The PMAC is confronting a decisive, great, and huge task to get the people of Eritrea on the side of the Ethiopian Revolution. Preparations have been made but no concrete steps and measures.

The Soviet comrades have told Mengistu Haile Mariam and Legesse that it was now important to show the Eritrean people that the PMAC is not identical with the regime of Emperor Haile Selassi and the interests of the Ethiopian Revolution are in harmony with the interests of the progressive forces in Eritrea. Unfortunately, forces in the PMAC and Mengistu Haile Mariam himself have caused a slow-down of this necessary political work towards the people of Eritrea. Mengistu Haile Mariam is passive.

We completely agree with the estimate that military actions for the solution of the Eritrean question alone are pointless and, moreover, dangerous. They would widen the gap between the Eritrean people and the Ethiopian Revolution and create new intensified hatred. This does not mean that the PMAC should completely abandon military activities.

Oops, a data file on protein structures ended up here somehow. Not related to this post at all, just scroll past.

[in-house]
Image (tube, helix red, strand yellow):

We think that it is necessary to exert military pressure on the Eritrean separatists forces. This especially since in regard to military matters the current situation in Eritrea is not favorable for the PMAC. It is therefore necessary to talk but at the same time to act militarily on the part of the PMAC.

This applies in particular to the safeguarding of important military strategic positions and especially  of the communications with the ports of Massawa and Assab well as the capital Asmara, the cities Akordat, Keren, and Barentu. These military actions have to serve political measures.

It was emphasized in the talk between Comrade L.I. Brezhnev and Mengistu Haile Mariam that it is necessary for the PMAC to address itself to the Eritrean people. This political initiative is extremely acute today as never before. We deem it necessary that both the CPSU and the SED together exert influence on Mengistu Haile Mariam in this respect. We have to take into consideration that the position of the Eritrean movements has not become any less obstinate, because they still demand the separation of Eritrea.

This shows that there are no honest efforts for a political solution on the part of the Eritrean representatives. Therefore it is correct to work for a change in the current position of the Eritrean movements. It is especially necessary to receive from them a declaration pledging that self-determination for the Eritrean people will be achieved within the framework of a Ethiopian state. We received an information [report] in early May according to which direct contacts had been established between the PMAC and the EPLF.